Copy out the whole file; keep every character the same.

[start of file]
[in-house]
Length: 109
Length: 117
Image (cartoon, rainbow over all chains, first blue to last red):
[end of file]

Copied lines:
[in-house]
Length: 109
Length: 117
Image (cartoon, rainbow over all chains, first blue to last red):